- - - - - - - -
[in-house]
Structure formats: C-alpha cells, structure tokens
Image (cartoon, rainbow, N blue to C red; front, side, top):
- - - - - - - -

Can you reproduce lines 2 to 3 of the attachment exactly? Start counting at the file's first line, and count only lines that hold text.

Structure formats: C-alpha cells, structure tokens
Image (cartoon, rainbow, N blue to C red; front, side, top):